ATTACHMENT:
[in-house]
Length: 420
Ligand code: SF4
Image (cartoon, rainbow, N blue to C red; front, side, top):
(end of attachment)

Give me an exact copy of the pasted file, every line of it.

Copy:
[in-house]
Length: 420
Ligand code: SF4
Image (cartoon, rainbow, N blue to C red; front, side, top):